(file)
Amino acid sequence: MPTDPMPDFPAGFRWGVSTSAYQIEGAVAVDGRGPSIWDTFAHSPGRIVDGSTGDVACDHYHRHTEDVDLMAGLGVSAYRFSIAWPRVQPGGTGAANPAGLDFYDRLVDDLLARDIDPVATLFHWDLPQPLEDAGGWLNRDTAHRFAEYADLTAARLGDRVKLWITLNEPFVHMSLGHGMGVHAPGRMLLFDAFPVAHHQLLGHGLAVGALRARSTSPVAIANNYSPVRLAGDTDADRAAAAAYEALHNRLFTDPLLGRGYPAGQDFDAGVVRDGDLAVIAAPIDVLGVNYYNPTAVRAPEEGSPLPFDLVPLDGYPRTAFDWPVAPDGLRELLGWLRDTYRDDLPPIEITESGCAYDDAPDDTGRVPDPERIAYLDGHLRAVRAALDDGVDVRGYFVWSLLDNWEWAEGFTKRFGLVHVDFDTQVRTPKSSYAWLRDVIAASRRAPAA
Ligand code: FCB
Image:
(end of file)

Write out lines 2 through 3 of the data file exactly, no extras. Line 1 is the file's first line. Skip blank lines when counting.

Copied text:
Ligand code: FCB
Image: